So there we were, doing some food shopping on a Saturday afternoon about 25 minutes away from the campground, and we get a call from the camp hosts telling us we were supposed to have checked out of Site 4 by 3:00, and it was 3:15 and the next people who had reservations wanted their site! Rushing back to Gunter Hill, we hastily pack up and unhook our utilities to clear the site. The next people to use our site were parked on the grass next to the driveway and had already plugged in their basic 20A power cable. Theirs was a school bus “conversion”, still painted in pasteurized processed cheese yellow, with the back rusted out and open to the air. But it was now their site, and we vacated.
However WE had no place to go, since our next site (21) was already occupied, and wouldn't be free until 3:00 the next day!
So we pulled into the parking lot for the bath and laundry house and proceeded to get back on Recreation.gov to see if there was a site available for the evening. Fortunately, we found Site 35 open for the night, booked it and backed our way in. We didn't bother to hook up everything – just power – as we were only there for the night. It was a shame that this site was already booked for the following week, as it was right next to the water; we would have changed our following week's reservations in a heartbeat. Our next site still had an obstructed view of the water, but it was not as good as what we had for the evening in Site 35.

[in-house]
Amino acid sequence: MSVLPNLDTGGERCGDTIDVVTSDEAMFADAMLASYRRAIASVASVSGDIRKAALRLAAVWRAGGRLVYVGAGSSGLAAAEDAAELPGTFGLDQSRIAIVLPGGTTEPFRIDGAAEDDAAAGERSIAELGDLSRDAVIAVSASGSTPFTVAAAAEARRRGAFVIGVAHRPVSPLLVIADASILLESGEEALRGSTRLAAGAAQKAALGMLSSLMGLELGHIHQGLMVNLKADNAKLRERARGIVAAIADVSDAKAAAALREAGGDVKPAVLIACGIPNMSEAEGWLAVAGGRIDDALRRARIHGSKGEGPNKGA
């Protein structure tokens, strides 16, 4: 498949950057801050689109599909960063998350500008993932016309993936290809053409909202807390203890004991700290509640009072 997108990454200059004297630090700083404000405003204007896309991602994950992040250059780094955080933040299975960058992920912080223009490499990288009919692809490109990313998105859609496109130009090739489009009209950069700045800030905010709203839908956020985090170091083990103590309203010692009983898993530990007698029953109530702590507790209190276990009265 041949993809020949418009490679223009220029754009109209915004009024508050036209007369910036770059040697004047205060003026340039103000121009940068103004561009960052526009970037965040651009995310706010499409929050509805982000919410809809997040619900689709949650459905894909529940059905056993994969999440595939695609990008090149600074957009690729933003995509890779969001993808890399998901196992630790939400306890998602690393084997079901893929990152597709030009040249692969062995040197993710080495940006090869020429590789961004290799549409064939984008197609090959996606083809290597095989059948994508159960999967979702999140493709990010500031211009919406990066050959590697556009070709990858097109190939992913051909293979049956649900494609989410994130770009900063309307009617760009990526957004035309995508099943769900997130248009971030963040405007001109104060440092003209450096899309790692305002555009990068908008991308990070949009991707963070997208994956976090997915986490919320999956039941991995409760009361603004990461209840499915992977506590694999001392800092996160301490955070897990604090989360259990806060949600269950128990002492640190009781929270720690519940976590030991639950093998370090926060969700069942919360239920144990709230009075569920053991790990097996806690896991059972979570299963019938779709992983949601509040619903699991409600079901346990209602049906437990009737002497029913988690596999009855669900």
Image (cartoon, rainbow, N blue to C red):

So the next day, I make a number of reconnaissance trips on my bike past Site 21, hoping to see it unoccupied. No such luck. The couple using it had just bought a brand new 2021 Tiffin Open Road 34PA gasser and were giving it a shakedown for the night and following day, and needed to use the whole allotted time to test things out. I did manage to speak with the guy, point out a couple of things to look for (he has the dreaded softball-sized dimple on his front cap that we had), and gave him advice on how to best have it fixed in Red Bay. Finally, the site was ready for us by 2:30. Didn't take long to move, but I did have to haul my tow dolly around a second time in two days.
So lesson learned. If you're making reservations on Recreation.gov, remember that you're booking for the DAY – NOT the NIGHT. The last day you pay for is the day you have to vacate your site, NOT the next morning.